The Profitability of the Heart - the New Bottom Line

  • The Profitability of the Heart - the New Bottom Line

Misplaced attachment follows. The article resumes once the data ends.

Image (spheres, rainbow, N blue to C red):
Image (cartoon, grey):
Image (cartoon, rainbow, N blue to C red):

What does it mean to steal? When a person steals is she a thief? What does it mean to be a thief? Are there culturally accepted forms of thievery? Are certain categories of theft exempt? Is there anyone who has never taken anything that was not freely given? When and how do we cross the line? Who’s to say where the line is anyway?   The day after Thanksgiving I received a call that $100 had gone missing from my store while we were closed for the holiday. It likely had dropped from an unknown customer’s pocket, and it was found by our newest employee, Luke, who did not yet know the protocol for this kind of event. Luke called the store first thing Friday morning to let his co-worker, Bob, know he’d left the cash wrapped in blue gauze tape on a backroom shelf, and to ask what he should have done with it. Bob looked for the money, but couldn’t find it anywhere. All he found was the empty ring of blue gauze tape in the trash beside the shelf. That’s when I received the call.   My mind immediately quickened – who did it, when and how, but mostly I thought, “Now what am I going to do?” The only people I knew who would have been in the store over Thanksgiving were the floor maintenance people, and I did not want to believe it could have been them. They had been maintaining our floors for nearly 15 years and I trusted them. I was thankful that the security cameras would give me the information I needed to deal with the situation supported by facts, not suspicions.   After reviewing the video, my heart sank. It was not the floor guys, it was Susan, one of my most skilled and reliable employees - a person with deep friendships among the staff, whom customers love, whom I love. It felt terrible. I felt terrible. The video showed that she’d come in the back entrance and helped herself to some folding chairs we keep for staff meetings. It was Thanksgiving Day and she was having a party. After she took the chairs out to her car, she came back in to turn off the lights when she clearly paused, I imagined noticing the cash left out on a shelf. She then turned the lights off and quickly exited the store.   It would seem natural that the zero tolerance policy I have for drugs and alcohol on the job would also include theft, but it doesn’t. As a small business owner of nearly 30 years, my first inclination was that I needed to act swiftly to protect the business and fire Susan right away. But my mindfulness practice and my ten years’ experience teaching mindfulness told me to wait, to take some time to get more clarity about my intentions and what was truly best for all of us – me, Susan, the staff and the business.   What did I know to be true? What was the right action to take? Despite my painful feelings of incredulity and betrayal, there was something about firing Susan that just didn’t sit right with me.   Was it that I held her is such high esteem that I wanted to give her a pass? Was it that she played a critical role in the store and her immediate replacement would send shockwaves of disruption through the staff? Was it that staff change is costly to the business and I was weighing the impact on the bottom line? How do I define a healthy bottom line anyway? Or was it that I suspected a moment of impulsivity and rotten judgment, not a habitual tendency that had led Susan to take the money? Was my belief in our fundamental decency getting in the way of seeing her clearly? It was probably some of all of that. I found myself weighing how much harm was actually done, and how do I even quantify ‘harm’?   When I met with Susan the following day I made certain my manager joined us for the conversation. Having an extra set of ears and eyes is essential for objectivity, clarity and fairness. I had decided on a plan to give Susan the facts as I knew them and let the conversation unfold from there. My hope was that she would tell me that yes, she was there, she had borrowed the chairs without permission, and had taken the money from the shelf. My plan was also that if she denied it, I would end her employment. Truth be told, I really did not want to fire her. I had a strong feeling that she would benefit much more over the long run by keeping her job and doing the work to re-establish trust. And so would I.   The conversation went just as I’d hoped. Initially Susan said she was only there to borrow the chairs and didn’t see any money, but when I told her what was on the video and that we’d found the blue gauze tape in the trash, she briefly looked away, took a breath, then turned toward me and admitted she’d taken it. She was sincerely apologetic, spoke with embarrassment and remorse and immediately handed me the $100. I was relieved and even a bit proud of her for acting with what felt like genuine humility and authenticity.   Next I asked her how she thought we ought to proceed. If she were in my shoes, what would she do? Susan paused, and then re-iterated how much she loves her job and wants to keep it. She thought it would be good not to allow her to work for a few days. I thought that showed some wisdom on her part especially because I had already taken her off the schedule temporarily. I appreciated that we were thinking alike. In addition, I asked her to return her store key and rearranged the schedule so she would not be alone in the store when she returned to work. I then looked her in the eye and told her I was pleased and relieved she had told me the truth because I believe her to be a very decent human being, who like the rest of us, experienced a moment of complete mindlessness. She smiled in her vulnerability and thanked me for believing in her. I also asked her to prove me right - that taking the risk to continue her employment was a risk worth taking.   A few days later after she’d taken some time off, Susan called me to say that she was at work, and that she understood I didn’t want her to be alone in the store, but one of her duties that day was to cover a break for her co-worker and what should she do. “Susan, I want you to be your best self. That’s it. Be your best self.”   I think this is what mindfulness helps us do. It helps us see clearly enough to make good enough decisions most of the time. When we intentionally connect our ethical practices with our mindfulness practices, what we do in the world becomes a reflection of who we are. And when we act from this place, we are far less likely to cause harm either to ourselves or to anyone else – we’re our best selves. We embody the truth that by caring for ourselves we are caring for others and by caring for others, we care for ourselves - the most important bottom line of all.